Resentment, righteous indignation, regret… 99% of the time, these don’t serve any useful purpose to our lives. They’re just bait that snag us into a time-sucking, negative feedback loop. Every moment I spent on resentments and regrets was time spent not being mindful and present in the moment (that is, time I just wasted on making myself miserable for no real reason).

I’d say I’ve improved over time, but once it a while, it’s completely mindless. That is, I’ll find myself daydreaming and zoned out, and my thoughts just naturally wander down a path of negativity. In those moments, I’ll snap to, remind myself not to bite the hook, and think happier thoughts.

Or look at basset hound puppies.


I don’t guilt myself into an attitude of gratitude

Some of the oft-repeated advice regarding mindfulness is that you should be grateful for what you have in your life because there are millions, if not billions, of people who have less. While I agree that gratitude is important for not being a shitty person, I don’t agree with this tid-bit. Why?

That’s not gratitude. That’s guilt.

For one, guilt is an ultimately useless feeling. Secondly, you’re comparing yourself to others – something that, time and again, we are told not to do. Why is it bad to compare yourself to those who you think have it better (i.e., “The grass isn’t always greener on the other side!”), but it’s perfectly fine to compare yourself favorably to those who have less? It doesn’t make me feel good to live in my home and know that others are homeless; to buy groceries and know that others are hungry; to feel lucky that I’m a white, college-educated American and know that others don’t share the same privileges in life as I do and are under-served because of it.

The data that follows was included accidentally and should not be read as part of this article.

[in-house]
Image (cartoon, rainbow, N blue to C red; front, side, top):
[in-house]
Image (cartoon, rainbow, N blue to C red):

Instead, I divorce myself from the idea that gratitude is the passive byproduct of “Try not to complain too much.” You’re allowed to feel jealous, disappointed, and wish for more in life. That’s called not being a robot. It’s fine to take stock of your life and say, “This could be better.” That’s not casting aside gratitude; that’s ambition, setting goals, and motivation to achieve them.

Now, I recognize that there’s a difference between what I’m describing v. someone who does sit around and whine incessantly without even a passing acknowledgment of their gifts in life (you know, those awful people who post shit on Twitter like how the slaves didn’t have it as hard as they do). Those are the people whom I will compare myself favorably against.